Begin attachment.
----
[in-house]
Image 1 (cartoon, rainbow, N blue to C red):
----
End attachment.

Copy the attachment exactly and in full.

[in-house]
Image 1 (cartoon, rainbow, N blue to C red):